Des Périers, Bonaventure

Des Périers, Bonaventure
(ca. 1510-ca. 1544)
   French author, notorious for his satirical dialogues Cymbalum Mundi / The Cymbal of the World (1537), a work influenced by the ancient satirist Lucian and apparently intended to demonstrate that disputes over intricate questions of Christian doctrine are a distraction from the true essence of religion. This book impressed contemporaries as an open attack on Christianity and was banned soon after publication. Des Périers also wrote a collection of short narratives, Nouvelles récréations et joyeux devis, published posthumously in 1558, that is somewhat similar to the Heptaméron of Margaret of Navarre, whom he served as valet de chambre. It presents a lively and sometimes ribald picture of life in the courtly society of the time. In his younger years, Des Périers collaborated with the French Protestant Pierre Olivétan on his French translation of the Bible. Des Périers also was a poet and made translations of Plato and Terence. His premature death about 1544 was believed to be a suicide.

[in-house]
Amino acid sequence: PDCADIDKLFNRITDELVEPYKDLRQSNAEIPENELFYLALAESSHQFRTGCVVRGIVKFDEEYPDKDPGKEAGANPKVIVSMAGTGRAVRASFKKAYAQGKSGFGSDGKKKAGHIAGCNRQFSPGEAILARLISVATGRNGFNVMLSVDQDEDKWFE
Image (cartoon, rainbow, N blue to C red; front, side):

Historical Dictionary of Renaissance. . 2004.


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